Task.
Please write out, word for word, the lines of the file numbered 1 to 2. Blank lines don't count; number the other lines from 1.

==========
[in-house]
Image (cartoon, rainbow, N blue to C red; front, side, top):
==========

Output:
[in-house]
Image (cartoon, rainbow, N blue to C red; front, side, top):